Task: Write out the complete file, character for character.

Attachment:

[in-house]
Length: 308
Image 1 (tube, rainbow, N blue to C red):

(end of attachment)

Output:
[in-house]
Length: 308
Image 1 (tube, rainbow, N blue to C red):